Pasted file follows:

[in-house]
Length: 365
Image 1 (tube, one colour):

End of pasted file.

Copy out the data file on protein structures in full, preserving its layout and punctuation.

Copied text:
[in-house]
Length: 365
Image 1 (tube, one colour):